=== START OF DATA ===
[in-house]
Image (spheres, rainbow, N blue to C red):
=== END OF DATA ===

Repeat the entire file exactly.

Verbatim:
[in-house]
Image (spheres, rainbow, N blue to C red):